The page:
2003 Wildlife Facts - Common Blind Snake Lizard

Photo of the Common Blind Snake Lizard, Culebrita Ciega

Common Blind Snake Lizard, Puerto Rican Worm Lizard (Eng.), Culebrita Ciega com (Sp.), Amphisbaena caeca

Photo from:  The Amphibians and Reptiles of Puerto Rico; Juan A. Rivero

Information compiled by Alan Mowbray, Interpretive Media Writer, EYNF/LEF

General Information

Amphisbaenids are legless, worm-like lizards with elongated bodies nearly uniform in diameter. They are covered with ring-like scales similar in appearance to earthworms. They are underground animals, hence the eyes have degenerated to tiny indistinct spots under the rings.


The Common Blind Snake Lizard is pinkish-brown on the head and tail with many dark spots on the annuli (body rings) of which there are between 214 and 237 in this species. It measures 10 inches (260 millimeters) in length, from snout to vent. Because it is somewhat difficult to distinguish it's head from it's tail it is sometimes referred to as a "two-headed snake" (in Puerto Rico "Culebra de dos cabezas") by local people. According to folklore, wearing a live Amphisbaena on your body "helps safeguard pregnancy" while wearing a dead snake "helps rherumatism".


They can be found burrowing in the ground under logs, rocks, old tree stumps and under termite and ant nests.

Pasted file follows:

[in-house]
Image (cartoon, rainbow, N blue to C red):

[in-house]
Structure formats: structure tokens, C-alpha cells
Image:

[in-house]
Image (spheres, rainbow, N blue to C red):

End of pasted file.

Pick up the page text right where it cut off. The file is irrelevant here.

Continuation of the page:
They live in dense woodlands, thickets and caves in Puerto Rico, Isla Vieques, Isla Culebra and the Virgin Islands.

Where to look for this animal in the EYNF

They can be found burrowing in the ground under logs, rocks, old tree stumps and under termite and ant nests.

Additional Information

Rivero, Juan A., 1978; The Amphibians and Reptiles of Puerto Rico, Editorial de la Universidad de Puerto Rico

USDA Forest Service
El Yunque National Forest
HC-01 Box 13490
Rio Grande, PR 00745-9625

List of Mamals by Month

January: Flannel Moth February: White-Lipped Frog March: Puerto Rican Screech Owl April: Common Blind Snake Lizard
Link/Drawing of Flannel Moth, Plumilla
Link/Photo of PR Screech Owl, Mucarito de PR
Link/Photo of Blind Snake, Culebrita Ciega
May: Spotted Sandpiper June: Mountain Mullet July: Black Rat August: Pueto Rico Upland Gecko
Link/Photo of Mountain Mullet, Dajao
September: Black Swift October: Big-Claw River Shrimp November: North American Bull Frog December: Puerto Rican Bullfinch
Link/Photo of Big-claw River Shrimp, Camarón
Link/Photo of the North American Bull Frog, Sapo Toro
Link/Photo of Puerto Rican Bullfinch, Comeñame de Puerto Rico

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